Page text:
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How to Deep Condition Low Porosity Hair




When you buy new furniture, applying Scotch Guard will keep spills and liquid from soaking into it. Having low porosity hair is equivalent to having Scotch Guard on your hair, as low porosity doesn’t absorb moisture the way high porosity hair does. (click here to see if you have low or high porosity strands)

This makes it difficult to apply products like deep conditioner to low porosity hair. These simple methods will help your hair accept the products and treatments it needs to stay moisturized.

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411 on Hair Porosity and Natural Hair Regimens


by Mahisha Dellinger of Curls.biz

Whether you love it or hate it, most of you are aware of Andre Walker’s hair typing chart. One topic that is less ubiquitous is the term “porosity” as it relates to curly hair. As a fellow curly, I am well aware of the challenges we face — frizz, dryness, limp hair, fluffy hair, uneven hair, 2-3 textures…the list goes on and on. I firmly believe that you can solve most of your daily challenges by selecting the appropriate products based on your hair’s porosity.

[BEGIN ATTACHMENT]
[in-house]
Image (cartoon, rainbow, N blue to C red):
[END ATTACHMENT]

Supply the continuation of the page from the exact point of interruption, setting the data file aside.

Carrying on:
But first of all, let’s take a look at just what hair porosity is.

po·ros·i·ty

The state or property of being porous, or permeable to fluids and outside influences.
A structure or part that is porous and capable of being penetrated.  The ratio of the volume of all the pores in a material to the volume of the whole.  In essence, your hair’s porosity is the measure of its ability to absorb and hold onto moisture. This factor will help you determine the most effective way of moisturizing your textured tresses.

What is My Porosity?

Ready to discover your hair’s porosity? Take a strand of your hair (after gently brushing or finger combing your hair) and place it in a glass of water. Observe how your hair responds to being immersed in water.
  • High porosity hair will sink quickly to the bottom, therefore it readily absorbs water.
  • Low porosity hair will take a long time to sink to the bottom of the glass of water, if at all. In this case, the hair is unable to absorb the water.
  • Normal porosity hair will sink at a medium pace, not too fast or too slow.
So now that you know your hair’s porosity, what steps do you need to take to ensure maximum moisture based on your level?

High Porosity